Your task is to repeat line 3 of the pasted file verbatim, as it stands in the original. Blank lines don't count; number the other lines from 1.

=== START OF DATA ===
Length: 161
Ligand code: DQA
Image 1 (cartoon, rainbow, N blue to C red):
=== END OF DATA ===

Image 1 (cartoon, rainbow, N blue to C red):